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When a business owner gets divorced, the business is often the major asset subject to distribution. Accordingly, the business and its’ ongoing operations are almost always implicated in the divorce. In most cases that I see, the business is a small business with one owner or a few owners. In the best case scenario, the business owners have planned in advance for situations that arise in a divorce through a Shareholders Agreement, Prenuptial Agreements and/or Postnuptial Agreements. Hopefully, the parties’ respective family law and business law attorneys can work together to best protect the business owner to ensure as smooth a transition as possible. Hopefully, the relevant agreements have set forth a valuation formula which can be upheld at law for purposes of the divorce. Counsel can also work together to insure that income is clearly defined and reported so that support is less contentious. Additionally, advance planning can be used to address the below issues so that a divorce does not mean the end to the business. While advance planning is not a guarantee, it will provide additional protections to the business owner.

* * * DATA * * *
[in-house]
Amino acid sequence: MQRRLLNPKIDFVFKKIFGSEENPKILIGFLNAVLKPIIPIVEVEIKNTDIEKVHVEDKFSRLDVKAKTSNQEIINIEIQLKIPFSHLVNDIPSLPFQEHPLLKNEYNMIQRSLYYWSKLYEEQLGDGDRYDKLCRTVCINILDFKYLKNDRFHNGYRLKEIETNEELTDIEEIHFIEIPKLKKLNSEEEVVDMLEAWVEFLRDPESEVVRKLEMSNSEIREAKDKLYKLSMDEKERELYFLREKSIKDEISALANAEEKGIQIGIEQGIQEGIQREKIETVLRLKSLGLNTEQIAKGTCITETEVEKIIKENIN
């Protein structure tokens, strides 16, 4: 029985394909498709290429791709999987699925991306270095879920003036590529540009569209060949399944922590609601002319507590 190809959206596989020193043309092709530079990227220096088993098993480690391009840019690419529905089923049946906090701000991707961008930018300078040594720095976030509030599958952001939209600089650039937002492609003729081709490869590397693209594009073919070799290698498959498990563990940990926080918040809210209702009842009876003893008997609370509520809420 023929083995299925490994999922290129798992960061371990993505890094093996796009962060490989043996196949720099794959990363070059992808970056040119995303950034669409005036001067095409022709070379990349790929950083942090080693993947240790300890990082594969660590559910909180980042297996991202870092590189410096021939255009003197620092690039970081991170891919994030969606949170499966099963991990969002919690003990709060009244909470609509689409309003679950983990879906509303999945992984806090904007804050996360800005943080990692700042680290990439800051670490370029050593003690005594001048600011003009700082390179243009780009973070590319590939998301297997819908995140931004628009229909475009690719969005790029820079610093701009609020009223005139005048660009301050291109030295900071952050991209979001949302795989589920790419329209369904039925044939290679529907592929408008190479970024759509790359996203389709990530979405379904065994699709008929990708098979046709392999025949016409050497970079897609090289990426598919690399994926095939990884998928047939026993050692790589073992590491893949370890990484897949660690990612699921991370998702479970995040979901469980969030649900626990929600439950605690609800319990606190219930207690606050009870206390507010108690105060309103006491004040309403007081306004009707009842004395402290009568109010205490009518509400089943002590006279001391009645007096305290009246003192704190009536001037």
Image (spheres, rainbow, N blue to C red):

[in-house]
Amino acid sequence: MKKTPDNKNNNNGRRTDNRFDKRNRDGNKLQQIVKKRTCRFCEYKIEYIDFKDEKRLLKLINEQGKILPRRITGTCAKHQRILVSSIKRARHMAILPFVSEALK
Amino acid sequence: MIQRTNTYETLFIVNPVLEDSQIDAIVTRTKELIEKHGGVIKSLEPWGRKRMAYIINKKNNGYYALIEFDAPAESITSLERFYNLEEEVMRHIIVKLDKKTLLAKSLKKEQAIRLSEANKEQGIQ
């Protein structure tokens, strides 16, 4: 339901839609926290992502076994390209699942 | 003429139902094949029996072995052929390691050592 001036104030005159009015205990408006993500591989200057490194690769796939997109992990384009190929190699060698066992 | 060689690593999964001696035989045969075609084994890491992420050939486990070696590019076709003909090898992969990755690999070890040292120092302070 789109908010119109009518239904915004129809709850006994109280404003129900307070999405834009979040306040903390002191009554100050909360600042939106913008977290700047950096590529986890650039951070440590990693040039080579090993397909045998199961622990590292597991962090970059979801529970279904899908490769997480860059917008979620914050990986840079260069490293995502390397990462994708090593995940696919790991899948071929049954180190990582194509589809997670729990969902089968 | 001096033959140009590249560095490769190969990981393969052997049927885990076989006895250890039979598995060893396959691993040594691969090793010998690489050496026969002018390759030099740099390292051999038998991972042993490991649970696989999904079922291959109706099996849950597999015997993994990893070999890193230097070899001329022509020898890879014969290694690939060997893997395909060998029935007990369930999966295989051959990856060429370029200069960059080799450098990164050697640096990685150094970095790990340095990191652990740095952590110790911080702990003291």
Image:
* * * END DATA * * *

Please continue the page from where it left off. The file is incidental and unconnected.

A divorce can impact internal and external business relationships, support (between spouses and child support), equitable distribution (division of marital property) and business control. In terms of business relationships, banking relationships can come into play, especially if the spouse is a personal guarantee of the loan. It is often not easy or possible to have the spouse removed from the guarantee. The spouse may also have a role in the business and it may not be feasible for them to remain involved. For example, in cases where the spouse is client facing, a delicate balance will be necessary to transition the spouse out of the business without negatively impacting the business. This can be a challenge if the divorce is acrimonious. Finally, the roles of the parties within the business may create sustainability issues going forward. In some cases, one spouse has a particular talent (i.e. software development, marketing creativity or scientific knowledge) which cannot be easily replaced and without which the business may not be able to survive. Such issues impact valuation but also succession and strategy on distribution of assets.